What America Looks Like: The Streets of Portland NE

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The United States as seen by its residents

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Welcome to Portland, Oregon, where Subaru drivers share the streets with electric streetcars and bicyclists. Acclimate yourself to the laid back vibe. We're visiting in early August, when this town is a sunny urbantopia. And we're about to make a trip across the river to its northeast quadrant.

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The August air here contains the warmth of the sun and the coolness of a summer breeze all at once. And everything is bright, for houses on each street are painted in yellows and reds to help folks through the gray months of rain.

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This whole area has a charming overgrown quality, as if the landscapers got caught up in the grunge aesthetic of the 1990s. Is weed as plentiful in any American city?

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In every yard there are signs that vitamin D absorption is a priority.

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It is rare to find a porch without some sort of seating option.

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The chairs have the look of heavy use -- it is to the credit of this town that brand new, unused outdoor furniture is nowhere to be found.

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The chairs on the porch of this pair are empty only because, like so many Portlanders, they've decided to spend Sunday afternoon catching some rays in a park.

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Should the resident or visitor require wood, there is a surfeit.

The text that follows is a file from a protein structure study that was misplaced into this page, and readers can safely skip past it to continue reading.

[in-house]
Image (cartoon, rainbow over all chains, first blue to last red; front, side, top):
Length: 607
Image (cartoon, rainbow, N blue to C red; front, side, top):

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There are quite a few re-purposed buses too. This one is a dress shop. A few blocks away there's a burrito bus.

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This spot is easy walking distance to multiple tattoo parlors and more coffee shops and bars with free wifi than I could count.

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Give this group a bicycle and a dog and they'd be the prototypical locals.

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This is a main strip of restaurants, bars, and shops on Mississippi Avenue.

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The same location after dark.

Previously in this series: Venice Beach, California. Western Georgia. Cincinnati, Ohio.  Birmingham, Alabama. Clarksdale, Mississippi. New York, New York. The border between Arizona and Nevada. Detroit, Michigan. Key West, Florida. Portland, Oregon. Boston, Massachusetts. Austin, Texas. Nashville, Tennessee. Santa Fe, New Mexico. Seattle, Washington. Portland, Maine.

Yokena, Mississippi. Smyrna, Georgia. Vicksburg, Mississippi. Pittsburgh, Pennsylvania. Hoboken, New Jersey. Los Angeles, California. Kittery, Maine. Hamden, Connecticut. Westwood, New Jersey. Weehawken, New Jersey. Reno, Nevada. Luna, New Mexico. Athens County, Ohio, living on a bus. On the Ohio River, addicted to pills. At Ohio University, Chinese exchange students. Inner City Oakland, California, on a bicycle. Variations on the swimming pool. Yellowstone National Park. Independence, Iowa. Different sides of the barber shop. West Liberty, Iowa. The American flag and its uses. The 405 Freeway in Los Angeles. The Balboa Peninsula. Boston, Massachusetts. Philadelphia, Pennsylvania. Synchronized swimming while old. In Manassas, Virginia, a Civil War reenactment. Ground Zero, a decade later. Airport security. Peaks Island, Maine.

Submission guidelines: We're seeking photographs that capture the look and feel of the United States as seen by those who live here, rather than the stock images of postcards and TV backdrops. Email photos to whatamericalookslike@gmail.com - doing so affirms that you hold all rights to the submission, and grants us permission to publish your photo at TheAtlantic.com and in any future collection of What America Looks Like photographs.

Include the city and state where the image is taken, and as detailed a description as you're willing to offer. Also let us know if you've got a photo Web site or a link where a print of your photo is available for purchase.

Image credit: All photos by Conor Friedersdorf


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Conor Friedersdorf is a staff writer at The Atlantic, where he focuses on politics and national affairs. He lives in Venice, California, and is the founding editor of The Best of Journalism, a newsletter devoted to exceptional nonfiction.

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